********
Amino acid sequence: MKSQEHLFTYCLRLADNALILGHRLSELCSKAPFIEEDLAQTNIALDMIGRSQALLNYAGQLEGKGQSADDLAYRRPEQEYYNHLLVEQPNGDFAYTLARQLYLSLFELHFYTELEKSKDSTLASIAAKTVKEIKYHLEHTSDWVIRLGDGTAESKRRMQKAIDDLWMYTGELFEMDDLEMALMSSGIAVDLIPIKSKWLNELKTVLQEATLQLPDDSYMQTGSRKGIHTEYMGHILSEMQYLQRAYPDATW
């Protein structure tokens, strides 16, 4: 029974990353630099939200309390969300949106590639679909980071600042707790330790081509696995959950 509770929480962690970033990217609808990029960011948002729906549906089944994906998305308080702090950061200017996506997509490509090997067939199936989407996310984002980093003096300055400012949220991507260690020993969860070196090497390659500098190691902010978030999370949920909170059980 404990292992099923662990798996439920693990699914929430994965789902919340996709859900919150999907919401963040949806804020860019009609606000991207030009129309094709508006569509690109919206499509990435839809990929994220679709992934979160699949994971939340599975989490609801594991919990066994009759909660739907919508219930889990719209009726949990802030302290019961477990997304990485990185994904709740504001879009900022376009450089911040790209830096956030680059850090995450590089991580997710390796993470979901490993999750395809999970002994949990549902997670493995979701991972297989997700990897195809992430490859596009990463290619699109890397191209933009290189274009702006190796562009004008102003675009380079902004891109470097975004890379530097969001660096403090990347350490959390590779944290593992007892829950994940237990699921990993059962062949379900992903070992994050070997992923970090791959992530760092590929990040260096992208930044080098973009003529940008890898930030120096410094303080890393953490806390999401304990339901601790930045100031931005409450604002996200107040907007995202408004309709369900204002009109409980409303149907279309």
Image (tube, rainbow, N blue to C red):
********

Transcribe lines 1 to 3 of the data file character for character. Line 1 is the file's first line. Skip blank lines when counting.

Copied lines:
Amino acid sequence: MKSQEHLFTYCLRLADNALILGHRLSELCSKAPFIEEDLAQTNIALDMIGRSQALLNYAGQLEGKGQSADDLAYRRPEQEYYNHLLVEQPNGDFAYTLARQLYLSLFELHFYTELEKSKDSTLASIAAKTVKEIKYHLEHTSDWVIRLGDGTAESKRRMQKAIDDLWMYTGELFEMDDLEMALMSSGIAVDLIPIKSKWLNELKTVLQEATLQLPDDSYMQTGSRKGIHTEYMGHILSEMQYLQRAYPDATW
């Protein structure tokens, strides 16, 4: 029974990353630099939200309390969300949106590639679909980071600042707790330790081509696995959950 509770929480962690970033990217609808990029960011948002729906549906089944994906998305308080702090950061200017996506997509490509090997067939199936989407996310984002980093003096300055400012949220991507260690020993969860070196090497390659500098190691902010978030999370949920909170059980 404990292992099923662990798996439920693990699914929430994965789902919340996709859900919150999907919401963040949806804020860019009609606000991207030009129309094709508006569509690109919206499509990435839809990929994220679709992934979160699949994971939340599975989490609801594991919990066994009759909660739907919508219930889990719209009726949990802030302290019961477990997304990485990185994904709740504001879009900022376009450089911040790209830096956030680059850090995450590089991580997710390796993470979901490993999750395809999970002994949990549902997670493995979701991972297989997700990897195809992430490859596009990463290619699109890397191209933009290189274009702006190796562009004008102003675009380079902004891109470097975004890379530097969001660096403090990347350490959390590779944290593992007892829950994940237990699921990993059962062949379900992903070992994050070997992923970090791959992530760092590929990040260096992208930044080098973009003529940008890898930030120096410094303080890393953490806390999401304990339901601790930045100031931005409450604002996200107040907007995202408004309709369900204002009109409980409303149907279309």
Image (tube, rainbow, N blue to C red):